Swelling – Swelling is a normal reaction by the body’s healing mechanism. Swelling usually reaches its peak around day 3-4 after surgery and slowly subsides. You may be swollen for up to 4-7 days after surgery. If you develop prolonged, hard, reddish swelling, accompanies by a fever of 101 degrees. Call our office (928) 773-2530.
Pain – Depending on the extant of the surgery some pain is expected. The medications prescribed to you should control the pain, it may take several hours for oral medications to reach their full effectiveness, we recommend you take the pain medications before the local anesthetic wears off. It is important that you follow the dosage directions on the bottle, medications taken in excess or on an empty stomach may cause nausea or vomiting.
- Pain typically peaks on day 3-4 after surgery.
- 1 tablet/capsule Tylenol (Regular strength) taken in conjunction with 1 tablet/capsule Ibuprofen (regular strength) is an effective method for reducing pain. Tae these medications according to package instructions. Do not take these medications while taking the prescribed narcotic. Do not take these medications if you are allergic to them.
- Do not take Ibuprofen with Naproxen.
- Do not take Tylenol with prescription Tylenol (narcotics can be Tylenol based).
Dizziness or Nausea – Dizziness or Nausea can be a side effect of the pain control medications, because of this, you must eat every time you take your medications and prior to taking your medications. Nausea is not a cause for alarm, it is not an allergic reaction. If you are experiencing nausea, slow the frequency of dosages. In the case of severe vomiting, discontinue the pain medication and call the office (928) 773-2530.
Allergies – -If you develop a rash it may be an allergic reaction to the drugs. Stop taking the medications immediately and call our office (928) 773-2530.
If you experience constricted breathing call 911 immediately.
The Following May be Expected After Surgery
- Discoloration of the skin next to the surgery site.
- A slightly elevated temperature during the first 24-48 hours.
- A slight odor or grayish covering over the surgery site that may last up to 10 -14 days.
- During the healing process, small fragments of bone may loosen up through the gums. These are not roots, and often work themselves out. If they remain stuck in the gum line, call the office for an appointment at (928) 773-2530.
- Sutures can take up to 2 weeks to fall out. Sutures may fall out before the anticipated time. If sutures fall out, it is not an emergency, no action is necessary.
Day of Surgery – Pudding, yogurt, applesauce, ice cream, protein shakes, smoothies (no fruits with small seeds such as raspberries, strawberries, or blackberries). Drink water to stay hydrated.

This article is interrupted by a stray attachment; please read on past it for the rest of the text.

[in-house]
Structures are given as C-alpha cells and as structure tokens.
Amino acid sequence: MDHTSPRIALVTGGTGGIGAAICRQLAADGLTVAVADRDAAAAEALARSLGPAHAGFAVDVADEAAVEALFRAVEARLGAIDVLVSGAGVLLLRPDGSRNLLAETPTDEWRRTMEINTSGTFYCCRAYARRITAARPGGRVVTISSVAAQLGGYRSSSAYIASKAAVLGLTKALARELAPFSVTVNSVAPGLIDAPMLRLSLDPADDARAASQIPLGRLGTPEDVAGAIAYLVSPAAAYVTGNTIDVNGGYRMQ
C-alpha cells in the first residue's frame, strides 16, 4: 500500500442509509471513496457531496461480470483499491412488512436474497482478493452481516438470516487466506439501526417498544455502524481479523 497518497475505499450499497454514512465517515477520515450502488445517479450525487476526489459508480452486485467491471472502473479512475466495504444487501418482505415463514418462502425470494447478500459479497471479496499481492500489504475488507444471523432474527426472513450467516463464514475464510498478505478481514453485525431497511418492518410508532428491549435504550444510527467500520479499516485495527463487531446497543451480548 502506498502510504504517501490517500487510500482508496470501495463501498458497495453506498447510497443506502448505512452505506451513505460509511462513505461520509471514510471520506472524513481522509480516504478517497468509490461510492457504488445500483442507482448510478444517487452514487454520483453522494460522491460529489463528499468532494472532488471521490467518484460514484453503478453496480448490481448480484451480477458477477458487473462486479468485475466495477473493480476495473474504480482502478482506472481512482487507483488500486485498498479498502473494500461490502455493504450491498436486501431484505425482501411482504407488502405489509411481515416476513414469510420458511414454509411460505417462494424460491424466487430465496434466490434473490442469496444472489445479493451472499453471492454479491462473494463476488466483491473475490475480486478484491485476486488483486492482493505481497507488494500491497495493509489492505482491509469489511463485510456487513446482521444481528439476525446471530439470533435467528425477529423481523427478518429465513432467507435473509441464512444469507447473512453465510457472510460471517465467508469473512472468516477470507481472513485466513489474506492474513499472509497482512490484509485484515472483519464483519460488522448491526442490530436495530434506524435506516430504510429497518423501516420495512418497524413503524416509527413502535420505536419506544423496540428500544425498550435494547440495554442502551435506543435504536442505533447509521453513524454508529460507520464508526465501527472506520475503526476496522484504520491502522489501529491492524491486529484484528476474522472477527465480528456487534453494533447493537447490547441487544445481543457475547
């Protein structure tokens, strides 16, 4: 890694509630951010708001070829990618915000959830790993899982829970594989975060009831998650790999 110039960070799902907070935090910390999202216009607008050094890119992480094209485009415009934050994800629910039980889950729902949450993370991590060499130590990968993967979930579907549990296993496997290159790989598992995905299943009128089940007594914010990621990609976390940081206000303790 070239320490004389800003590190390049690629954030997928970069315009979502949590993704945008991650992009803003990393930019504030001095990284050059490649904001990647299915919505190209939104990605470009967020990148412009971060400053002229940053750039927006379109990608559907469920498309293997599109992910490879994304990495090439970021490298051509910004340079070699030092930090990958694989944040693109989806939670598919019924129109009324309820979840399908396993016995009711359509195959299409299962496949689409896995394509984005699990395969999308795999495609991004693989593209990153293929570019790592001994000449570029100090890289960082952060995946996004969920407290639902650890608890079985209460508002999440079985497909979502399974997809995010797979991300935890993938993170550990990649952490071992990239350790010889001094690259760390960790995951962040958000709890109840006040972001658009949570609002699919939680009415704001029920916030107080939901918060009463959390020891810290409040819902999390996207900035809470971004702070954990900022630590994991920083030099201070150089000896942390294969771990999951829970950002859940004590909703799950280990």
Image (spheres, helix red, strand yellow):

Day after surgery – A soft diet is recommended i.e. mashed potatoes, macaroni and cheese, soups, stew, scrambled eggs, and the above listed foods. Stay away from hot foods to avoid burning your mouth.
AVOID – Anything temperature hot, spicy hot, crunchy, sharp, or acidic (such as tomatoes and tomato based foods, and citric fruits). Avoid small seeds and grains (Strawberries, chia seeds, flax seeds, rice, etc.) as they can get stuck in the extraction site and delay healing.
- If numbness of the lip, chin, or tongue occurs there is no cause for alarm. As reviewed in your consultation, this is usually temporary in nature. You should be aware that if your lip or tongue is numb, you could bite it and not feel the sensation. Call Dr. Dingman or Dr. Glenn if you have any questions.
- Slight elevation of temperature immediately following surgery is not uncommon. If the temperature persists, notify the office. Tylenol or ibuprofen should be taken to reduce the fever.
- You should be careful going from the lying down position to standing. You could get light headed from low blood sugar or medications. Before standing up, you should sit for one minute before getting up.
- Occasionally, patients may feel hard projections in the mouth with their tongue. They are not roots; they are the bony walls which supported the tooth. These projections usually smooth out spontaneously. If not, they can be removed by Drs. Dingman or Glenn.
- If the corners of your mouth are stretched, they may dry out and crack. Your lips should be kept moist with an ointment such as vaseline.
- Sore throats and pain when swallowing are not uncommon. The muscles get swollen. The normal act of swallowing can then become painful. This will subside in 2-3 days.
- Stiffness (Trismus) of the jaw muscles may cause difficulty in opening your mouth for a few days following surgery. This is a normal post-operative event which will resolve in time.
There will be a void where the tooth was removed. The void will fill in with new tissue gradually over the next month. In the meantime, the area should be kept clean, especially after meals, with salt water rinses or a toothbrush.
Brushing your teeth is okay – just be gentle at the surgical sites.
If you are involved in regular exercise, be aware that your normal nourishment intake is reduced. Exercise may weaken you. If you get light headed, stop exercising.